Monday, December 29, 2014
UNDER THE SKIN Is Mesmerizing and Strange Indie Sci-Fi
UNDER THE SKIN Review:
- This is one of those movies that's really hard to review and definitively relay my thoughts on. Immediately after viewing it, I was convinced that it was sort of a mess. I thought it was indulgent, overly-long and slow, and just sort of pretentious in that "man, this is *really* trying too hard to be indie-arthouse-cool" way. And yet ... I couldn't stop thinking about the movie after watching it (and no, not just because it features a very naked Scarlett Johansson). Certain scenes in the film kept rolling over in my mind. I think there's something about the way the film is presented - in an almost hypnotic, trance-like way - that gives it a sticky quality. It's certainly a movie that I won't soon forget.
UNDER THE SKIN casts Johansson as a mysterious alien being who has come to earth to (for reasons not quite known) kill humans. Presumably, she is using her prey as some sort of food or fuel - humans are a resource to be exploited. What's more clear is how she is going about this grisly business. Having taken the form of an attractive human female, the unnamed alien roams the streets of Scotland, looking for victims. The alien has just enough understanding of human speech and behavior to do her job. And, looking as she does (like, er, Scarlett Johansson ...), the alien is able to fairly easily seduce lonely men and lure them back to her lair. Once there, the seduction continues, culminating in the men being led into a murky pool of black goo (beckoned by the sultry Scarlett, they barely realize what's happening), where they are trapped - frozen in a toxic bath that slowly reduces them to near-nothingness.
These seduction scenes are initially a bit repetitive. But they are also eerie as all hell, and they're where director Jonathan Glazer really shines. At times, Glazer's direction is almost maddeningly methodical. But in these scenes, it's downright hypnotic. Everything is shot in an abstract manner that makes the alien's pit of blackness feel 100% alien. There's a lack of physics and geometry in the scenes that throws off your equilibrium and induces real feelings of dread. What the hell is happening? With each seduction scene, we get a slightly more complete picture of the fate that awaits these poor saps - and as we discover more, the whole scenario only gets creepier.
Apparently, some of the scenes in which Scarlett first meets and picks up these men were shot sans actors, meaning she actually just sort of cruised the streets incognito and chatted up guys. There is definitely an unscripted feel to some of the scenes that makes them that much more unsettling. It really does feel like her character is stalking and preying on these men. However, where the film starts to *really* get interesting is when the alien encounters a deformed man. Her main criteria for selecting victims is, primarily, that they are men without families or close relations who will miss them when they're gone. But she hadn't really considered other factors, and the deformed man's deeply ingrained trauma throws her for a loop. Before, she had only seen men as animals. Now, she begins to question the morality of what she's doing. Throughout the second half of the film, the alien begins to yearn for more genuine human experience and emotional connection. But opening herself up in that way also makes her vulnerable, and sets her up to be a potential victim - to go from hunter to prey.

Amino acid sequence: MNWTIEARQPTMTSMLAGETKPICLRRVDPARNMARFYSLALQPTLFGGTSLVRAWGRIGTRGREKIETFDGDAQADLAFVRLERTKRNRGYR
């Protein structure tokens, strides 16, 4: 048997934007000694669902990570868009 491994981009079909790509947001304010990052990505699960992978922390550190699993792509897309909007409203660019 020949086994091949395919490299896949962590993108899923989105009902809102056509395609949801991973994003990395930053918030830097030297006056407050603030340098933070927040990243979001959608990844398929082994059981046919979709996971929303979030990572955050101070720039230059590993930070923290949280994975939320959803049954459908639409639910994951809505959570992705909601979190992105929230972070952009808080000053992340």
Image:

As mesmerizing as parts of the film are, I do think that Glazer overdoes things a bit with his stylized, art-film aesthetic. Certain moments lend themselves to the sorts of long, contemplative takes he favors. But not every moment benefits from the methodical pace. Prolonged shots of nothing in particular feel unneeded. Basically, the movie constantly walks a fine line between artfully methodical and insufferably glacial. So many films - sci-fi in particular - could stand to slow things down and be less jumpy. But UNDER THE SKIN asks just a little too much of our patience at times. It also doesn't help that the narrative is kept so intentionally vague. The book on which the film is loosely based apparently provides a lot more back-story for the alien. But the film gives us little, despite throwing in lots of frustratingly vague moments meant to hint at the larger narrative. For example, we see lots of scenes of mysterious men on motorcycles following the alien around, presumably cleaning up her mess and keeping law enforcement at bay. Presumably. In truth, the movie provides next to no information about the motorcycle guys, so the continual cuts to them often feel like time-wasters.
And yet ... certain moments in the film are just *so* striking and unforgettable. The seduction scenes in the pit. The encounter between the alien and the deformed man. A later scene in which the alien realizes she's not as human as she thought. And notably, the climactic scene in which we finally get a glimpse of what's "under the skin," and see the alien's true form. Glazer does some amazing stuff here, and I give him credit for, at the least, trying something totally out-there and different with this film. There are certainly no easy or pat answers in this one, but it is a conversation starter. What does it mean to be human? To be a woman? To be an aggressor as opposed to a victim? Scarlett Johansson typically has that slightly off-kilter, detached affectation, and she cranks it up to eleven here. Perfectly cast, she makes the most of the part and really sells the whole unnerving, mind-bending aesthetic of the film.
UNDER THE SKIN can be tough to get through at times, but I think it's a must-watch for film fans and for sci-fi fans, if only to see something completely different and experimental. It took me a while to realize it, but this one most definitely got under my skin.
My Grade: B+